So a prelude or sorts:
I have always been a big fan of Twisted Customs' vehicles. Having bee in the sport of Rock Crawling since it's inception (Competition Wise), I have seen build trends/builders come and go. The simplicity of rigs like what Twisted Customs, Jesse Haines, and Jimmy's 4x4 builds; on top of the way they flat out work make them great candidates for long term success. While these are some of the best working rigs on the planet, they also happen to be some of the most affordable to get into. Still, building or buying a buggy isn't cheap by any measure. Regardless, it is all worth every penny by being able to watch my kids grow up in the same sport that I grew up in.
Previously I owned one of Jesse Haines Willy's Buggies. It flat out works and is often thought of as a "sleeper". Many times I was told by other drivers that I "Should" follow them because they can help me find the lines and recover me if I get stuck. I find this funny because even though I have been in the sport since 1997, I took a 3 year break and moved to Alaska. In that time, many new faces entered our sport and I was only remembered by those that were there in the beginning. Half way through the trail, those same drivers would have me jump in front of them on the trail. The bummer part about Jesse's Willy's Buggy is that it was a 2 seater. I reluctantly hacked it into a 4 seater so that my kids could go with. But it was small and tight, and my kids are getting bigger.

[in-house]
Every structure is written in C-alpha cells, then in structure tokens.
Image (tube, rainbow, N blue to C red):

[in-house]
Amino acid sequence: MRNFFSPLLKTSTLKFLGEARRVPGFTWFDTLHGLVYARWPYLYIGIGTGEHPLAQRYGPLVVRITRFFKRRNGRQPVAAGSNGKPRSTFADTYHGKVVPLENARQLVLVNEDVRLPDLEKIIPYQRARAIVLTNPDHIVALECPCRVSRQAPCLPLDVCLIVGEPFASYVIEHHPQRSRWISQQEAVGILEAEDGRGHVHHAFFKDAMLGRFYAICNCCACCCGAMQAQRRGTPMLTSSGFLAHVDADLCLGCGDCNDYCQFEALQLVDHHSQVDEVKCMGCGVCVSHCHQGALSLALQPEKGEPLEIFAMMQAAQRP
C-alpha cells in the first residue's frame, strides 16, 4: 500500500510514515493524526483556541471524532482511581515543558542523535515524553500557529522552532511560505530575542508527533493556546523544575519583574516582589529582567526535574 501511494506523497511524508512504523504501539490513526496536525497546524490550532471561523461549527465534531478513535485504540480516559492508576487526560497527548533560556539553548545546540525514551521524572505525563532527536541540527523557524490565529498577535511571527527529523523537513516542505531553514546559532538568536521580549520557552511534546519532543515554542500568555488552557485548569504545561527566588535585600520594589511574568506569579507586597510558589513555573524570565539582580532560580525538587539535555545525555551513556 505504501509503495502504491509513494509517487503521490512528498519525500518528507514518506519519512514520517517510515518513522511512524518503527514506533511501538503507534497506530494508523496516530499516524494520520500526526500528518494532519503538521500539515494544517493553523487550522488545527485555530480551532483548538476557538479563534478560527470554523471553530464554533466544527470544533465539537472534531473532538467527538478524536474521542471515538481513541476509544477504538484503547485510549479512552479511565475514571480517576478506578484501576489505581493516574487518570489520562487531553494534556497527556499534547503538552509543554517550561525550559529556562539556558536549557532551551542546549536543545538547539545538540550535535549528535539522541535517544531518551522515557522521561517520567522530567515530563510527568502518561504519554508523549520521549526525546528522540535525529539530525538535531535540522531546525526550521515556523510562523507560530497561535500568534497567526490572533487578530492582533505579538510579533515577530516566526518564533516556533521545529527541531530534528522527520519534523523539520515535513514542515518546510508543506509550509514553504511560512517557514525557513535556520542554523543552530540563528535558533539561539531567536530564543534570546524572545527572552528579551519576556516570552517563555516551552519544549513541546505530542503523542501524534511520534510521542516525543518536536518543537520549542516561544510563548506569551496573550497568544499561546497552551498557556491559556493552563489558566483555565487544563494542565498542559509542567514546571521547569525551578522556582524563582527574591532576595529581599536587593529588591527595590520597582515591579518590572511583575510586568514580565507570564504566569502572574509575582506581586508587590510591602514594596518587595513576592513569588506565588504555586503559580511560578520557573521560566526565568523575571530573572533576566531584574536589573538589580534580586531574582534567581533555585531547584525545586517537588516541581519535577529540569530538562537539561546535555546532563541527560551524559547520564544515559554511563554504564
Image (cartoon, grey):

Running around on Facebook, Jesse sent me a link to a chassis that was for sale built by James Treacy. James builds car very similar to Twisted Customs, many parts are interchangeable for ease. James built this particular vehicle for running around in the Pacific North West, between trees, slick rock, and the occasional comp. It has 3 seats but has very little room to squeeze a super small bench in. With some minor adjustments, I could get the whole family out wheeling a little more comfortable.
Furthermore, the Willy's had 37's and some drivetrain limitations (22RE, Manual Trans, Dana300) and while that worked REALLY WELL, I was ready to push the envelope of what Hardcore Trail Riding is for me. I felt I needed 40's, rear steer, and a little more power. The new James Treacy (JT) Chassis was set up perfect for this change.
The specs on the original JT buggy were 5.3, TH350, Atlas II, 40" tires, rear steer, 106" wheelbase, and 78" wide for dodging the trees of the PNW. With the subtle changes in mind and the fact that we don't have trees to miss, we will keep the drivetrain, and increase in other areas... 42" Maxxis Treps on 17" Raceline Beadlocks, 109" wheelbase, and roughly 84-86" wide (The width and length are also to help with compesating for the 42's). These sizes will bode well for the southwest wheeling that Sand Hollow, AZ Trails, and pushing into a more difficult realm of trail capability.